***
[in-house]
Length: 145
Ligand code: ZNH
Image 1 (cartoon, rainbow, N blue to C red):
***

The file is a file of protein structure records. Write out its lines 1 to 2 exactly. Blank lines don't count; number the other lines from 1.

[in-house]
Length: 145